There is a growing movement that supports permanent protections for rivers within the Rights of Nature movement. This movement views nature and ecosystems as possessing fundamental rights, just as humans do. These rights take the form of legal personhood, and can be exercised in a court of law and through guardianship bodies established to oversee their implementation. The Rights of Nature offers a transformative alternative to existing environmental protection models, which have often failed to effectively prevent ecosystem degradation and destruction.
We launched the Universal Declaration on the Rights of Rivers, to spur and support this burgeoning movement. Around the world, Rights of Rivers are being recognized and secured at different levels, from the Supreme Courts to local resolutions by Indigenous councils.
However, this movement and concept of Rights of Rivers is still new, and in many parts of the world is yet to be known or understood. Communities traditionally have rights based approaches within their local laws and codes of conduct but are less aware of the more formal or legal processes that are underway to secure rights for rivers or nature.
Through the Transboundary Rivers of South Asia project supported by the Swedish Government, International Rivers developed a guide to understand these concepts, translated them into languages most used by communities we and our partners work with. The guide is intended as a tool to share and discuss on the need for permanent protections and the forms that this can take, including Rights of Rivers. This guide will draw on existing materials developed by International Rivers, in particular the Rights of Rivers report and Universal Declaration on the Rights of Rivers, and aim to make these resources more accessible through providing guidance and explanation of key concepts and case studies.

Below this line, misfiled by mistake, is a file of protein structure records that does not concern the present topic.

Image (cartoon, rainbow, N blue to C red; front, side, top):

You can download the guide below in English / Hindi / Bengali / Nepali.
International Rivers’ South Asia program is part of the regional Transboundary Rivers of South Asia program. Supported by the Government of Sweden, TROSA is a collaboration with Oxfam, IUCN, ICIMOD and many local organizations that works on some of the more complex rivers in South and Southeast Asia: the Ganga, Brahmaputra and Meghna river systems, including their tributaries such as the Teesta, and Asia’s last last free flowing river, the Salween. The program aims to contribute to poverty reduction and marginalization among vulnerable river basin communities through increased access to and control over riverine water resources on which their livelihoods depend.